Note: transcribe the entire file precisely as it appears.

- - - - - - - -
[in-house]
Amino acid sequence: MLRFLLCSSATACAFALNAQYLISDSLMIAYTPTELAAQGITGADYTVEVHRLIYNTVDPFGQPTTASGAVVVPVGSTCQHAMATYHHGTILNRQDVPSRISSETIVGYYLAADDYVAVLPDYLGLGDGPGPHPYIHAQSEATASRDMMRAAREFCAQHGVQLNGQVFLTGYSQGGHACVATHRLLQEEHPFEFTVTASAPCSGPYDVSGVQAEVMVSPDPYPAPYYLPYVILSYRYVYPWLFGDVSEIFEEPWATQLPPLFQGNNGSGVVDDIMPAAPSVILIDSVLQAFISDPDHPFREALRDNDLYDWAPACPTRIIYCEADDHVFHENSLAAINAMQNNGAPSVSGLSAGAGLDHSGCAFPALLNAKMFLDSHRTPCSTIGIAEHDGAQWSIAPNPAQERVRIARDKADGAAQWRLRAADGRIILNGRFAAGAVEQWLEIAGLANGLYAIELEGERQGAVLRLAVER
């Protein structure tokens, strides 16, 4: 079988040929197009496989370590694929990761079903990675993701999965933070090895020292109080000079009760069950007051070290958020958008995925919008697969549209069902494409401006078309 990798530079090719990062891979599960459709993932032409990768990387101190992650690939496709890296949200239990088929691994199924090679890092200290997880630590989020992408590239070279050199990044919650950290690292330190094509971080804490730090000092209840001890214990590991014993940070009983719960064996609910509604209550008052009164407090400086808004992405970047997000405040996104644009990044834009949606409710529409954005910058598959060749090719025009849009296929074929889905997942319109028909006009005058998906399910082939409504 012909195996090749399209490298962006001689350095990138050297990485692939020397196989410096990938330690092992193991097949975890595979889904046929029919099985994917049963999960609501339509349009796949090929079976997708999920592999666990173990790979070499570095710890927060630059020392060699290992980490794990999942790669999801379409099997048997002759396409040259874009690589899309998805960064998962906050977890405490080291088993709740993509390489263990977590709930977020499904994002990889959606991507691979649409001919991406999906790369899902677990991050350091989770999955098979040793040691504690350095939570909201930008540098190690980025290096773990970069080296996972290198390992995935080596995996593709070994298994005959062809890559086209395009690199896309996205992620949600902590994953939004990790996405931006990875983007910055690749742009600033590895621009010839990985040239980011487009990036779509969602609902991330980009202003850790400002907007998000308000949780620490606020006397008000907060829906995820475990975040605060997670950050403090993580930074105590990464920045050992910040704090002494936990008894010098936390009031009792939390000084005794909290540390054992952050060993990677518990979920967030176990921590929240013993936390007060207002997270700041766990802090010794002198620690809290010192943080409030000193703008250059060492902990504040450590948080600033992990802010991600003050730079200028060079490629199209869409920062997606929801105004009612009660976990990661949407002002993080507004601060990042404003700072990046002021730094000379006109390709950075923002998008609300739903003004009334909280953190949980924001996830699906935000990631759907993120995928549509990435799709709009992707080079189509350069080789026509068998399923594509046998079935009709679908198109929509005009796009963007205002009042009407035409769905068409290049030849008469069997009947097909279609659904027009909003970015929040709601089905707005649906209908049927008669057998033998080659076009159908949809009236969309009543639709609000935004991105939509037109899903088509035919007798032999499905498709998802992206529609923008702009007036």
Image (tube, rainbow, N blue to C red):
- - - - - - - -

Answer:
[in-house]
Amino acid sequence: MLRFLLCSSATACAFALNAQYLISDSLMIAYTPTELAAQGITGADYTVEVHRLIYNTVDPFGQPTTASGAVVVPVGSTCQHAMATYHHGTILNRQDVPSRISSETIVGYYLAADDYVAVLPDYLGLGDGPGPHPYIHAQSEATASRDMMRAAREFCAQHGVQLNGQVFLTGYSQGGHACVATHRLLQEEHPFEFTVTASAPCSGPYDVSGVQAEVMVSPDPYPAPYYLPYVILSYRYVYPWLFGDVSEIFEEPWATQLPPLFQGNNGSGVVDDIMPAAPSVILIDSVLQAFISDPDHPFREALRDNDLYDWAPACPTRIIYCEADDHVFHENSLAAINAMQNNGAPSVSGLSAGAGLDHSGCAFPALLNAKMFLDSHRTPCSTIGIAEHDGAQWSIAPNPAQERVRIARDKADGAAQWRLRAADGRIILNGRFAAGAVEQWLEIAGLANGLYAIELEGERQGAVLRLAVER
């Protein structure tokens, strides 16, 4: 079988040929197009496989370590694929990761079903990675993701999965933070090895020292109080000079009760069950007051070290958020958008995925919008697969549209069902494409401006078309 990798530079090719990062891979599960459709993932032409990768990387101190992650690939496709890296949200239990088929691994199924090679890092200290997880630590989020992408590239070279050199990044919650950290690292330190094509971080804490730090000092209840001890214990590991014993940070009983719960064996609910509604209550008052009164407090400086808004992405970047997000405040996104644009990044834009949606409710529409954005910058598959060749090719025009849009296929074929889905997942319109028909006009005058998906399910082939409504 012909195996090749399209490298962006001689350095990138050297990485692939020397196989410096990938330690092992193991097949975890595979889904046929029919099985994917049963999960609501339509349009796949090929079976997708999920592999666990173990790979070499570095710890927060630059020392060699290992980490794990999942790669999801379409099997048997002759396409040259874009690589899309998805960064998962906050977890405490080291088993709740993509390489263990977590709930977020499904994002990889959606991507691979649409001919991406999906790369899902677990991050350091989770999955098979040793040691504690350095939570909201930008540098190690980025290096773990970069080296996972290198390992995935080596995996593709070994298994005959062809890559086209395009690199896309996205992620949600902590994953939004990790996405931006990875983007910055690749742009600033590895621009010839990985040239980011487009990036779509969602609902991330980009202003850790400002907007998000308000949780620490606020006397008000907060829906995820475990975040605060997670950050403090993580930074105590990464920045050992910040704090002494936990008894010098936390009031009792939390000084005794909290540390054992952050060993990677518990979920967030176990921590929240013993936390007060207002997270700041766990802090010794002198620690809290010192943080409030000193703008250059060492902990504040450590948080600033992990802010991600003050730079200028060079490629199209869409920062997606929801105004009612009660976990990661949407002002993080507004601060990042404003700072990046002021730094000379006109390709950075923002998008609300739903003004009334909280953190949980924001996830699906935000990631759907993120995928549509990435799709709009992707080079189509350069080789026509068998399923594509046998079935009709679908198109929509005009796009963007205002009042009407035409769905068409290049030849008469069997009947097909279609659904027009909003970015929040709601089905707005649906209908049927008669057998033998080659076009159908949809009236969309009543639709609000935004991105939509037109899903088509035919007798032999499905498709998802992206529609923008702009007036």
Image (tube, rainbow, N blue to C red):